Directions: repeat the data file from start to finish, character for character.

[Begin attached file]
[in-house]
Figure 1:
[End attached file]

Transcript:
[in-house]
Figure 1: